c l i n i c a l f o l i o s : d i s c u s s i o n

Zenker's Diverticulum



Related narrative: Zenker's Diverticulum, Zenker's Diverticulum: Endoscopic Approach

Pharyngoesophageal diverticulum, more commonly refereed to as Zenker's diverticulum, represent the most common form (0.11% overall incidence) of false diverticulum of the esophagus. These lesions result from an increased pressure gradient in the proximal esophagus, which causes herniation of the mucosa through the overlying muscle layers just proximal to the cricopharyngeal muscle. The etiology of these lesions is related to mechanical incoordination coupled with muscle degeneration. Symptoms develop as the diverticulum enlarges and traps undigested food. Patients, usually age 50 to 80, present with halitosis, regurgitation, and aspiration. Repeated aspiration episodes can lead to pneumonia and lung abscesses. The diagnosis is made by history and barium swallow which demonstrates the diverticulum. Care should be taken when performing endoscopy for other reasons, as the diverticulum can be easily ruptured.

Patients with radiographic confirmation of the diverticulum should be treated surgically on an elective basis. A small diverticulum (less than 2 cm) may be treated by cricopharyngeal myotomy alone, while larger lesions require resection in addition to myotomy. Key points to the cricopharyngeal operative approach are summarized as follows:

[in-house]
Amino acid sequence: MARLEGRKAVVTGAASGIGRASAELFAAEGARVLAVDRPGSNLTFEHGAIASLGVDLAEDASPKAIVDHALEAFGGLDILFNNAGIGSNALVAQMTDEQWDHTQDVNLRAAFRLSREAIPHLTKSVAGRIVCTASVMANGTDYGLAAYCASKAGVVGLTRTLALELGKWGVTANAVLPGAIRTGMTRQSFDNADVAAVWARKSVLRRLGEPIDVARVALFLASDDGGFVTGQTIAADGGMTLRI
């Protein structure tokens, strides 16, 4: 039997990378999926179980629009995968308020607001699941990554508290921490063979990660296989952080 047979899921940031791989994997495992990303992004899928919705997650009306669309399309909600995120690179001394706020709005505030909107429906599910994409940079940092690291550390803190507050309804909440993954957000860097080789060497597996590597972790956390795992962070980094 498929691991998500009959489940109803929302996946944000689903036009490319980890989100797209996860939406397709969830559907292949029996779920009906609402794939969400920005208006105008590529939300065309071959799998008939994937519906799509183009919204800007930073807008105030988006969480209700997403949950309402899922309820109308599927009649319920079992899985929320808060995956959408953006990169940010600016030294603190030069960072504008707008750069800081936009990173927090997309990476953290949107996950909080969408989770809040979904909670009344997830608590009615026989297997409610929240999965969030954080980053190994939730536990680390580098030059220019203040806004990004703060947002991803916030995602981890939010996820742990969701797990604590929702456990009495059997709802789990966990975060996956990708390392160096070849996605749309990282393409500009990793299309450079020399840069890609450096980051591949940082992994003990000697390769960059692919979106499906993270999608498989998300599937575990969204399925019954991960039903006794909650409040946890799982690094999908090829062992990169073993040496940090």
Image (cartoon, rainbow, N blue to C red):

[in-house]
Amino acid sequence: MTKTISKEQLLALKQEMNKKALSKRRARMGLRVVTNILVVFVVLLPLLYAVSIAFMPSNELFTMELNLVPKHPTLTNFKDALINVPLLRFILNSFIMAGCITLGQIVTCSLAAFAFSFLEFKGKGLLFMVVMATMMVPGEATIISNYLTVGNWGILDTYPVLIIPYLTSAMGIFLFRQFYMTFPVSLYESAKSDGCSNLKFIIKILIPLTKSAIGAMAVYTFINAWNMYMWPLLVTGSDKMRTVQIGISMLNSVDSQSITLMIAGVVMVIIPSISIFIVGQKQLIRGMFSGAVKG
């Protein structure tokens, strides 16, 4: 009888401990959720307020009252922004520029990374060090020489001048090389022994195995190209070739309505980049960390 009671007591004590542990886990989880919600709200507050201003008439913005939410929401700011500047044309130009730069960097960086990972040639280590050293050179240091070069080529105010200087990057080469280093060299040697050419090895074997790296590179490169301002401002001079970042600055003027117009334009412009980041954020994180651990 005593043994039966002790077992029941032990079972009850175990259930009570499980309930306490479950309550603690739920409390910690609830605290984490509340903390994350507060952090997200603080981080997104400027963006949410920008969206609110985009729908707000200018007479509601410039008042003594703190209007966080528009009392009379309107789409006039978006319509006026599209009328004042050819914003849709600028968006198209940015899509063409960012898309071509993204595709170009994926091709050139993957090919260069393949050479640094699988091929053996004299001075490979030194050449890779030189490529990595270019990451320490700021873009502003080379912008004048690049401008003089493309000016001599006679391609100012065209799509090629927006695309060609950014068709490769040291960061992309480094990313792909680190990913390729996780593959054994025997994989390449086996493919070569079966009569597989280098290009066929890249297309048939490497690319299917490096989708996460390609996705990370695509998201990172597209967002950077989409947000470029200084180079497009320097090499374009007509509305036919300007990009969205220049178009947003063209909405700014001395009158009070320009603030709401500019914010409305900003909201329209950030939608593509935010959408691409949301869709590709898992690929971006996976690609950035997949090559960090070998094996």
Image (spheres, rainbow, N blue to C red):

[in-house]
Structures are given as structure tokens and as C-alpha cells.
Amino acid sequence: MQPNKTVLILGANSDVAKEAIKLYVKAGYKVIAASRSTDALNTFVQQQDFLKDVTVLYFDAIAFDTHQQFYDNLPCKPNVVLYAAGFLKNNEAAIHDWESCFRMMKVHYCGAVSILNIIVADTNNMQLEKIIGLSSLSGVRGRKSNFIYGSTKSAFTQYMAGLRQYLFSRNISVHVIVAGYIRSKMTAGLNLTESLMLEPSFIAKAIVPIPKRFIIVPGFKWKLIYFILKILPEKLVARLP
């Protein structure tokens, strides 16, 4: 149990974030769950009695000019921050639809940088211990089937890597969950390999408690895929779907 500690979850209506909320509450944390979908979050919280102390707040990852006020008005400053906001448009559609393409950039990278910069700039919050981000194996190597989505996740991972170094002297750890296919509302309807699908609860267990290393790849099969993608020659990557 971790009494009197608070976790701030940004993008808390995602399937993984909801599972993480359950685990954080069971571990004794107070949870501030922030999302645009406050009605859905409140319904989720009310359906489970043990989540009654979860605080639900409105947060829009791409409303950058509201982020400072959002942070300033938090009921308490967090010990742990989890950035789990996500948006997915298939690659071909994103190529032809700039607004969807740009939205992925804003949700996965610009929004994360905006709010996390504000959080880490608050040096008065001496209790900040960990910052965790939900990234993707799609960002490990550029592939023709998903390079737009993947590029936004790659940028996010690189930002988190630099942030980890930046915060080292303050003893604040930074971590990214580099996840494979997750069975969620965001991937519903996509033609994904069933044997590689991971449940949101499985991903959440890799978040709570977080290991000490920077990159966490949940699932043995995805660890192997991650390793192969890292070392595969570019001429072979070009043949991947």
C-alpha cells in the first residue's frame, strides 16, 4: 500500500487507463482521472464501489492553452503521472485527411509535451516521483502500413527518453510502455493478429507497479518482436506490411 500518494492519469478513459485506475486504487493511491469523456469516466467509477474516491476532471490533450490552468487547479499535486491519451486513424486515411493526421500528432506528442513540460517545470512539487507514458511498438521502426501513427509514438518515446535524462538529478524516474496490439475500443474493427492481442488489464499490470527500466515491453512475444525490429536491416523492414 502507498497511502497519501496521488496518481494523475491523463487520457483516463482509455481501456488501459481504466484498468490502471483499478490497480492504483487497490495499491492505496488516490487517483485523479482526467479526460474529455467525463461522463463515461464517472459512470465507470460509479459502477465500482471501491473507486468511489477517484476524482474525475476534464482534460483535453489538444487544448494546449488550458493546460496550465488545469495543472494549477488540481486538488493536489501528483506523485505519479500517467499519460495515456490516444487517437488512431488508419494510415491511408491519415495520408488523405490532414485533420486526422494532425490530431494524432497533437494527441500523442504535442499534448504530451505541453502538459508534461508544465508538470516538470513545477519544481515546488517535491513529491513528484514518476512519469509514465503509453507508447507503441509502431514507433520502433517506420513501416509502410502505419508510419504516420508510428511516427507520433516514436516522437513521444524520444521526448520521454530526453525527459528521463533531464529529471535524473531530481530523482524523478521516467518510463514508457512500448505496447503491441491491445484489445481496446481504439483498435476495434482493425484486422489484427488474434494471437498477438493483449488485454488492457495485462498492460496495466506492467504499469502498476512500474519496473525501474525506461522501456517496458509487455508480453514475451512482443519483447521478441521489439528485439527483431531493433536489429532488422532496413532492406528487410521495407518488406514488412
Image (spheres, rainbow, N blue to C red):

1. Left neck incision along anterior border of the sternocleidomastoid.
2. Identification of the diverticulum between the inferior constrictor of the pharynx and the cricopharyngeal muscle.
3. Insertion of bougie dilator to help with dissection.
4. Myotomy made a distance of 4 cm caudal from the neck of the diverticulum.
5. Resection of the diverticulum if greater than 2 cm.
6. Placement of JP drain.

Postoperative course consists of barium swallow on the day after surgery, and removal of the drain if no leak is present. Diet is resumed and the patient is discharged home. If a small leak is present then the drain is left in place. Re-exploration is done if the leak is large. Long-term success is common with 93% of patients having good results and an overall morbidity of 3.6%.


Textbook of surgery: the biological basis of modern surgical practice.-15th ed. / [edited by] David C. Sabiston, Jr.; editor for basic surgical science, H. Kim Lyerly.

Current Surgical Therapy.-6th ed. / [edited by] John C. Cameron. 1998. S. Watemberg, O. Landau, and R. Avrahami. Zenker's Diverticulum: Reappraisal. American Journal of Gastroenterology 91(8): August 1996

This page was last modified on 26-Apr-2000.